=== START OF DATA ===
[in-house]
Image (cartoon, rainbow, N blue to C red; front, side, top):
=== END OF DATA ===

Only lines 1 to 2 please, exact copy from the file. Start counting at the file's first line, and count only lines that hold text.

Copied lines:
[in-house]
Image (cartoon, rainbow, N blue to C red; front, side, top):